We must refocus our collective memory. The necessity of this has never been greater as we discover that the path of ‘progress’ is extinguishing the very conditions for life on earth."
- Marija Gimbutas, The Civilization of the Goddess.
Marija Gimbutas was so many things: an extraordinary and indefatigable archeologist, linguist and mythologist, a lover and restorer of the Goddess traditions, a survivor of one of the worst nightmares of history, "an embodiment" (as her friend and editor Joan Marler puts it) "of an essence of the Lithuanian soul". Marija created the multidisciplinary approach she called "archaeomythology". It has taught us essential things about the Old Europe of the Neolithic that revive the hope that in our times we, too, can cherish the Divine Feminine and nourish a "partnership society" in which the sexes are balanced in a dynamic harmony that tends the earth, and the soul.
Marija's work is being continued and furthered by the passionate and scholarly work of Joan Marler and her colleagues at the Institute of Archaeomythology. From their base in the gentle wine-country town of Sebastopol, California, they reach across the world to support the work and publications of remarkable scholars like the Romanian linguist and archaeomythologist, Adrian Poruciuc. I have just read his recent book, Prehistoric Roots of Romanian and Southeast European Traditions, with great pleasure and profit.
Poruciuc is an etymological detective, and if you are a lover of words, and are willing to jump from Homeric Greek to Old Church Slavonic at the drop of a diphthong, you could find his work as exciting as an episode of NCIS on television. Take his investigation of the root meaning of two famous names from Greek mythology, Demeter and Dionysos. After tracking the components and variants of "Demeter" through many languages, he confirms what many of us knew in our gut and our atavistic memories, but many cavilers (nothing to do with "cavaliers") in the academic fraternity long doubted: Demeter means "Earth Mother." Then he takes us into fresh and thrilling territory by demonstrating that Dionysos, all but certainly, means "Bridegroom of the Mother." Drink that one in deep (as is Dionysos' way). Reflect on what the meaning of that name reflects from the civilization of the Goddess in Old Europe. The roistering, hard-drinking god of ecstasy is, first and last, the consort of the Goddess and her partners in the Mysteries that renew and fertilize the earth.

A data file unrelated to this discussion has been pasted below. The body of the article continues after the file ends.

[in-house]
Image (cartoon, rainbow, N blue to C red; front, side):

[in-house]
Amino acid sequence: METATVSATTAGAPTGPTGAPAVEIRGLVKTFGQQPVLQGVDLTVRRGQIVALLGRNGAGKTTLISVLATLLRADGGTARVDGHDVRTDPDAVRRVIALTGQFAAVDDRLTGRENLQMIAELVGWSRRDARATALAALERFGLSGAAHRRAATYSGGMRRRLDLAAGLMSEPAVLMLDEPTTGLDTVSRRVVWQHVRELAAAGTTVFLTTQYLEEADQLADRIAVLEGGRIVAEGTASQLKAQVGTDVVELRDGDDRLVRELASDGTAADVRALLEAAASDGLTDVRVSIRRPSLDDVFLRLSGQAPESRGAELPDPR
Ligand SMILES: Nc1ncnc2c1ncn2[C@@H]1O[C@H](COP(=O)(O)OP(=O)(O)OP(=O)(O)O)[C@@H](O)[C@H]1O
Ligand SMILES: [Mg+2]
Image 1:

Poruciuc probes mysteries that are more arcane, to non-Romanians. Why are the folk songs or "carols" (colinde) sung around Romanian holidays full of references to a great flood that is clearly very different from the Biblical one, since it has nothing to do with rain but only with a wildly rising sea? Romania, after all, has only a small coast, on the all-but-tideless Black Sea. Do these songs of flood carry on the memory of an ancient event, older (perhaps) than the flood of the Book of Genesis? On those stormy waters, in some of the songs, comes a great bull or antlered deer with the goddess rocking between his horns, on a swing. Here we are, again, in realms of the Once and Future Goddess.
Lovers of mythic beasts will be intrigued by Poruciuc's mythic bestiary of creatures that populate those old Romanian folk songs and folk memories: of the sea-monster known as the dolf (which sounds like dolphin but probably isn't) that comes on land to steal apples; of a fish-goddess, and a snake-goddess; of a lion that is spoken to like a dog. I was hoping to find the wolf-headed dragon of the ancient Dacians here - terror of the Romans, and source of one of the most ferocious battle standards I have ever seen - but I gather we'll need to wait for another volume of Poruciuc's studies for that. I look forward to it.
The book discussed: Adrian Poruciuc, Prehistoric Roots of Romanian and Southeast European Traditions. Sebastopol, CA: Institute of Archaeomythology, 2010.
Rock carving at Lepensky Vir, Serbia